Firefighting, for example, is a job that requires clear thinking while in danger and in physical discomfort.

        (3) The extra training the statute requires seems to imply that the military and law enforcement training is not enough for this specific application.

        Agree or not with that idea, but that said, there’s no reason why anyone else could not also obtain a sufficient degree of training.

        In other words, the metric should be on performance standards, not hours ticked off a box on a form.

        (4) Everyone has a first time to face “the test.” We hope that practical training weeds out those that cannot perform, but we never know for sure. So, that means that while SOME law enforcement officers and SOME military personnel have been thus tested, they were “unknowns” at one time, too.

        (5) I know some combat vets I would not trust with a butter knife. Sorry, but there it is. To make something like this the sole metric is as foolhardy as other over-generalized schemes.

        Ditto cops. I worked with some cops that I would NOT enter a dangerous situation with, no matter how many years on the job they had. And, I knew others that I would do so even when they were noobs.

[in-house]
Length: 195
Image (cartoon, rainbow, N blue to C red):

• Not all vets have been shot at. But they’ve all been put under great pressure and taught to think while the S is Hitting The Fan.

          Our trainers were not being paid by us and fearfull of losing their business if they mistreated us or hurt our feelings. makes a big difference in the level of training.

          Any non vets out there been rousted out of a sound sleep at 0dark30 by a rampaging nco and put on the road for days of training? Which included being under fire from live ammo and explosions? That was just a small part of the training.

        • I don’t disagree with either your point or the one above, so please consider this “Devil’s Advocate” more than anything else.

          All vets have received the training as you describe…but to what degree?